Logo of Phnom Penh Post newspaper Phnom Penh Post - Artist earns big from rubbish

Artist earns big from rubbish

Content image - Phnom Penh Post
Mony Silong’s proudest artwork is a giant traditional long-neck guitar made from 6,000 plastic water bottles and 16,000 plastic straws. Photo supplied

Artist earns big from rubbish

Artist Riem Mony Silong dropped out of school in grade-four aged nine. Born into an impoverished family in Siem Reap, they could not afford to send him to public school, let alone provide him with art lessons.

But today, this talented 38-year-old artist uses his self-taught skills to produce pieces made from 100 per cent recycled material. Having struggled for over a decade to perfect his skills turning fish scales, plastic and other rubbish into works of art, today Silong finally earns a good living from what he loves doing.

“I finished grade four in elementary school but I started school until I was 14 years old. My family was very poor and they often moved from one place to another,” he says proudly, having achieved so much in the face of adversity.

Lacking a proper education, Silong initially had to earn a very low wage collecting garbage. It was this hard life experience that taught him about how harmful human waste polluting the environment is and ultimately proved the inspiration for his artwork.

“I started to turn rubbish into art work in 2009. At first nobody was interested in what I was doing, but the past few years this has turned around and people have begun valuing my work. My recycling arts and crafts are now becoming recognised and appreciated,” he said.

Content image - Phnom Penh Post

Mony Silong, who lives with his wife and daughter in Siem Reap, transforms the discarded into the desirable. He’s assembled fish scales into pictures, turned plastic bags into animal sculptures and transformed old car tires into coffee tables.

Though this man from very humble beginnings is overjoyed that his artistic passion is able to provide money to sustain his family, he hopes that one day his pieces will be displayed in a gallery and admired by the public.

His art work is priced from as little as $10, with creations made from recycled car tires priced between $100 and $400. Mony Silong does however produce higher ticket luxury items too.

“In the past, my creations could not support my family. But last year I started to earn money, with pieces selling for up to $3,000. The more expensive creations are usually time consuming and take between one and two months to complete,” he says.

Content image - Phnom Penh Post

His proudest piece of work is a giant traditional Cambodian long-neck guitar named Chapei Dong Veng made from 6,000 plastic water bottles and 16,000 plastic straws.

The guitar was displayed in Siem Reap’s Wat Bo temple from November 30 to December 2 to commemorate last year’s Chapei Dong Veng Festival – a Cambodian musical tradition inscribed in 2016 on Unesco’s List of Intangible Cultural Heritage in Need of Urgent Safeguarding.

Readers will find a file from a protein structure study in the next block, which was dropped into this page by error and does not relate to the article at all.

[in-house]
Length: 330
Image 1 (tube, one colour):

Mony Silong does not mind when people refer to him as ‘rubbish man’ or the ‘rubbish artist’, saying he owes his living to rubbish and understands its value. His next major ambition, Mony Silong says, is to “own his own gallery to display his artwork”.

You can find Mony Silong’s pieces at Backstreet Bar on the 4th floor of Sorya Center Point in Siem Reap. The artist can also be contacted online via the Facebook pages Silong Original and Selong Vath, while his contact number is 077492198.


  • Analyst: Rainsy blocked from boarding flight 'an excuse'

    THAI Airways not allowing Sam Rainsy on its route from Paris to Bangkok on Thursday is being used as an excuse to keep his standing among fellow coup plotters and his uninformed supporters as flights to non-Asean countries are available, an analyst said on Friday.

  • Rainsy lands in Malaysia

    Cambodian opposition figure Sam Rainsy arrived in Kuala Lumpur airport on Saturday afternoon after boarding a flight from Paris, where he has been living for more than four years. Ministry of Foreign Affairs and International Cooperation spokesperson Koy Kuong said on Saturday that Cambodia respected

  • Touch: Rainsy will never return

    Sam Rainsy, the “acting president” of the Supreme Court-dissolved Cambodia National Rescue Party (CNRP), has claimed it has achieved 70 per cent of its struggle to find a solution to the current political situation in the Kingdom. Just before boarding a plane at Charles de Gaulle

  • Sokha continues call for dropping of charge after bail conditions reduced

    Not satisfied with having his bail conditions reduced, allowing him to travel freely in Cambodia, Kem Sokha says he wants his charge totally dropped. “As an innocent man who has been in detention for two years even without being found guilty, I continue to demand

  • MEPs' call for Rainsy's safety not European Parliament position

    The European Parliament said on Friday that a statement by 56 Members of the European Parliament (MEPs) calling for guarantees of Sam Rainsy’s freedom and safety should he return to Cambodia did not represent its position. Delphine Colard, the European Parliament’s press officer told

  • Sar Kheng: Rainsy return not blocked

    Minister of Interior Sar Kheng clarified that Cambodia had never blocked Sam Rainsy from returning to the Kingdom. However, he said Cambodia reserved the right to take legal action as allowed by law against activities aimed at destroying the Kingdom. “No one blocked the return